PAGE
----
BA. Spain was in a crisis situation long before 2008. The problems are old ones and can be expected to last for several decades more. That’s why the gap that separates us, in terms of convergence, from the more developed European countries, is getting bigger. This is because over recent years Spain has been idling and enjoying the good life, basing the idea of convergence with Europe on the sale of State-owned companies during an upward cycle, on EU subsidies and on excessive borrowing. A real case of convergence was that of Ireland. Spain is looking increasingly more like Portugal. At this rate, the “Argentinization” of the Spanish economy cannot be ruled out. In Argentina they too thought they were rolling in money, and look how what happened to them.

FJ. So what should be done?

BA. Well, firstly, public expenditure should be cut back or at least contained, especially now that public debt is being inflated in Spain with expenses that have not been properly thought out or that can be described as decorative, the sort we tend to like best. And that’s without mentioning peripheral debt—universities, regions, municipal authorities. The latter have specialized in setting up groups of publicly-owned companies which, taken together, represent a new, larger version of the former National Industry Institute (the INI, the industrial group created by Franco in 1941 imitating Mussolini’s IRI, which had been created in 1938). We have to re-structure markets—the labour market, which is still governed by regulations dating back to Franco’s times and dissuades entrepreneurs from hiring employees, penalizing the weakest groups (women, young people and immigrants); the rental market, an undeveloped sector in a country that has tens of thousands of empty homes; and the services market, where liberalization would boost jobs very fast.

FJ. For example?

BA. Two examples come to mind. Surely it is inefficient to have hypermarkets and shopping malls closed on the one day of the week when they could be at their fullest? So freedom for retail opening hours. Or petrol stations. They have a generous profit margin of 13 % [in fact, the average 2008 margin was 12.26% of the sale price, equal to 31,47% of the fuel cost, according to the energy regulatory authority], so the least they could do is open 24 hours a day, have staff available to fill our tanks, or make sure the toilet facilities are decent.

FJ. Any more suggestions?

BA. Nationalization of savings banks so that they serve everyone’s interests rather than just a minority, or cutting back excessive bureaucracy instead of fuelling it with policies that multiply the size of public services.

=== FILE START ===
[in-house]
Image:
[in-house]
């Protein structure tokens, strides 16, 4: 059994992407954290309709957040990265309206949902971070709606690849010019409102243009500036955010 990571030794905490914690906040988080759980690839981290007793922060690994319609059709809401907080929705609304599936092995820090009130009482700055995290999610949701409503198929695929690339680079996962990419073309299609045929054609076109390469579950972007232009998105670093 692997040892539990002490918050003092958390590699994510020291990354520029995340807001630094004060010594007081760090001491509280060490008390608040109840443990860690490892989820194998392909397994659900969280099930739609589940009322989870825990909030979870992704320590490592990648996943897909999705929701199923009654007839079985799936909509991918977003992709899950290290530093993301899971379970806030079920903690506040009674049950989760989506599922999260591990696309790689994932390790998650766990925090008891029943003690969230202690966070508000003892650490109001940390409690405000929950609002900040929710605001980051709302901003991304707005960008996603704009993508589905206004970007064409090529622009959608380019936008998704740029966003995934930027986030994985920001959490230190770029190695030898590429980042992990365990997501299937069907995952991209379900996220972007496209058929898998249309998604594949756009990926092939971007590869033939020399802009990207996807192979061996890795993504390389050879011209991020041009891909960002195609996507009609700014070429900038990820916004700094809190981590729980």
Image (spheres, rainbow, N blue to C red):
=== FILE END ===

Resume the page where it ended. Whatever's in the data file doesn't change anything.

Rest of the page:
FJ. And what do you think about the Government’s anti-crisis measures?

BA. It is as bad to not do what you should, as to do what you shouldn’t. The three premises for the Government’s action are to increase public spending, to give an appearance of modernity—a great favourite with the Spanish public—and to not upset anyone in the process. And that gets us nowhere. They are also making very questionable tangible investments such as the new terminals at the Madrid and Barcelona airports and an oversized high-speed railway network. But things could be even worse. We already have the Plan E. After it, we’re bound to get plans F, G, H and so on.

FJ. Is there any cause for optimism?

BA. The Stock Exchange is doing well, which seems to suggest that unavoidable reforms are in the pipeline. And especially, the quality of individuals. Spain, which seems to provide quite the wrong environment for all the reasons I’ve just given, produces people like Rafa Nadal, Pau Gasol, Fernando Alonso… Outside Spain, people are rubbing their eyes and wondering how it’s possible. We can learn from these examples and from what they have in common—they are competitive, they have personality and are keen to win. The only barriers they have had to get over have been those of competition, they “work” in a system of equal opportunities subject to stable rules and, far from being parochial, they have a universal outlook.

More information: Lecture at La Granda (PPT presentation in Spanish), July 20, 2009.